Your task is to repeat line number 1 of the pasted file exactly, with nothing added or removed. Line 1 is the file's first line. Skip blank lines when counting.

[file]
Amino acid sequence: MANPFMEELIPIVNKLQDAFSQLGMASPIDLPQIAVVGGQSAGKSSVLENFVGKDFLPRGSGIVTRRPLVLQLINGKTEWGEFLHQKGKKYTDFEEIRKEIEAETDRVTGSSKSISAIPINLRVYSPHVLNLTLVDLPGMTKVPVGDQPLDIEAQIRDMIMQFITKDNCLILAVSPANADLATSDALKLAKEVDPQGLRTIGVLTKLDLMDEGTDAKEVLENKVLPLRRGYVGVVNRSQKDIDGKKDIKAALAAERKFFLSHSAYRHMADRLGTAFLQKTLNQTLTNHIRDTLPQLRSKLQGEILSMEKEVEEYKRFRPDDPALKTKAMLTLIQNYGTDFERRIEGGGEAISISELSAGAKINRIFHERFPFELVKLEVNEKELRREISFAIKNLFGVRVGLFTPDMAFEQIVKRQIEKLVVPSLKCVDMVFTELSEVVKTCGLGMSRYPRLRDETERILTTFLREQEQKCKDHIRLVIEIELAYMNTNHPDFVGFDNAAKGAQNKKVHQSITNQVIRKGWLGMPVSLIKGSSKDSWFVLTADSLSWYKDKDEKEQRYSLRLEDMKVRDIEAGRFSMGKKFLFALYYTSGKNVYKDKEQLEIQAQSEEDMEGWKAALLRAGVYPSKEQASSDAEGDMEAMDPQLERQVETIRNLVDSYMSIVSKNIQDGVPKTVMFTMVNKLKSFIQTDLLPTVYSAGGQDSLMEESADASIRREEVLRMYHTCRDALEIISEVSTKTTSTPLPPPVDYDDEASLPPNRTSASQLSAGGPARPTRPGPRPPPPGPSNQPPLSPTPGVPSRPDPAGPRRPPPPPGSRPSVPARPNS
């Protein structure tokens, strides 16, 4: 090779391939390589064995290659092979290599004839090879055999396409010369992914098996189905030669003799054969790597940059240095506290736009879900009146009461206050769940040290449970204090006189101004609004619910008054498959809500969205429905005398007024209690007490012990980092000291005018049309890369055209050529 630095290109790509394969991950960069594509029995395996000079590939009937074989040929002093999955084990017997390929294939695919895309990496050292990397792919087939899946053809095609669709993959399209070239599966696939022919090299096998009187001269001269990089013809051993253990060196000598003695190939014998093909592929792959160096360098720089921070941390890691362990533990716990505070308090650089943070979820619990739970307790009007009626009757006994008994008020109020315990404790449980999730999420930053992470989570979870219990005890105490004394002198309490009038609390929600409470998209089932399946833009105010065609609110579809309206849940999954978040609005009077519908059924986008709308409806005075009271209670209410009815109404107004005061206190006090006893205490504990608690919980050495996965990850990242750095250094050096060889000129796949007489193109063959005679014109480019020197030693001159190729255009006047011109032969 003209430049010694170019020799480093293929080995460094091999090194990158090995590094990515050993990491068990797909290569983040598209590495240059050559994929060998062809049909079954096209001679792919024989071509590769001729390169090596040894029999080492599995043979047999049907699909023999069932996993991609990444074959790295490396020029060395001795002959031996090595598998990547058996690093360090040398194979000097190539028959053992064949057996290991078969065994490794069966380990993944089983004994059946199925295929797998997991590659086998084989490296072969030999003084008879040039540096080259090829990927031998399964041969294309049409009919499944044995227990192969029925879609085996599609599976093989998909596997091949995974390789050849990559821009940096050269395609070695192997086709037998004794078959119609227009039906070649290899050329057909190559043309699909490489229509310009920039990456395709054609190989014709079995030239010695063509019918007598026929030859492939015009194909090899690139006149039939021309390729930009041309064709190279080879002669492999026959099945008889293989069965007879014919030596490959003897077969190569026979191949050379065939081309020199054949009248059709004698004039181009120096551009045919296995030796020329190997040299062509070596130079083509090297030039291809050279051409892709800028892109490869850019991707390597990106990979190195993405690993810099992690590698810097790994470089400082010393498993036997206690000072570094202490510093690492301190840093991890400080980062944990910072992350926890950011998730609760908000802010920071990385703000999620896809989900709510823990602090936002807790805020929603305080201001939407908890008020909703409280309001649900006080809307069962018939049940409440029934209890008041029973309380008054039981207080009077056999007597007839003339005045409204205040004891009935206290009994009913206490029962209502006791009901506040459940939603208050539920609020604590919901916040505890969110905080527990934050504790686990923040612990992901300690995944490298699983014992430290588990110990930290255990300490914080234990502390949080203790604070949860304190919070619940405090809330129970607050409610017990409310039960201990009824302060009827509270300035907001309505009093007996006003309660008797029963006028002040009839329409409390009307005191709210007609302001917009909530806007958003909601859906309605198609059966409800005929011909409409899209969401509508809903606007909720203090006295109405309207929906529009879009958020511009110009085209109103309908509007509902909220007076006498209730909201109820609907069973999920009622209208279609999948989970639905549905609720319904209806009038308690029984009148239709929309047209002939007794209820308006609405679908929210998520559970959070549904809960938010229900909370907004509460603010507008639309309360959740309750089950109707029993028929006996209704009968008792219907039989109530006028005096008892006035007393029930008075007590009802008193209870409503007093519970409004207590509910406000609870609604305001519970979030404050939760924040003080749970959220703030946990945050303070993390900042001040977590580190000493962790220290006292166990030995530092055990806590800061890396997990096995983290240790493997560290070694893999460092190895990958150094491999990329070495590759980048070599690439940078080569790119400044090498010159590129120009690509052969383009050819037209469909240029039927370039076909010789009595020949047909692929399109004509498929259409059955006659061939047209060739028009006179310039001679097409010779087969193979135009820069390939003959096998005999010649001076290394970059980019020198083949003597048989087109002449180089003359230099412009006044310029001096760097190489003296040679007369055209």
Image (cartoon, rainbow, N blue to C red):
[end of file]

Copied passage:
Amino acid sequence: MANPFMEELIPIVNKLQDAFSQLGMASPIDLPQIAVVGGQSAGKSSVLENFVGKDFLPRGSGIVTRRPLVLQLINGKTEWGEFLHQKGKKYTDFEEIRKEIEAETDRVTGSSKSISAIPINLRVYSPHVLNLTLVDLPGMTKVPVGDQPLDIEAQIRDMIMQFITKDNCLILAVSPANADLATSDALKLAKEVDPQGLRTIGVLTKLDLMDEGTDAKEVLENKVLPLRRGYVGVVNRSQKDIDGKKDIKAALAAERKFFLSHSAYRHMADRLGTAFLQKTLNQTLTNHIRDTLPQLRSKLQGEILSMEKEVEEYKRFRPDDPALKTKAMLTLIQNYGTDFERRIEGGGEAISISELSAGAKINRIFHERFPFELVKLEVNEKELRREISFAIKNLFGVRVGLFTPDMAFEQIVKRQIEKLVVPSLKCVDMVFTELSEVVKTCGLGMSRYPRLRDETERILTTFLREQEQKCKDHIRLVIEIELAYMNTNHPDFVGFDNAAKGAQNKKVHQSITNQVIRKGWLGMPVSLIKGSSKDSWFVLTADSLSWYKDKDEKEQRYSLRLEDMKVRDIEAGRFSMGKKFLFALYYTSGKNVYKDKEQLEIQAQSEEDMEGWKAALLRAGVYPSKEQASSDAEGDMEAMDPQLERQVETIRNLVDSYMSIVSKNIQDGVPKTVMFTMVNKLKSFIQTDLLPTVYSAGGQDSLMEESADASIRREEVLRMYHTCRDALEIISEVSTKTTSTPLPPPVDYDDEASLPPNRTSASQLSAGGPARPTRPGPRPPPPGPSNQPPLSPTPGVPSRPDPAGPRRPPPPPGSRPSVPARPNS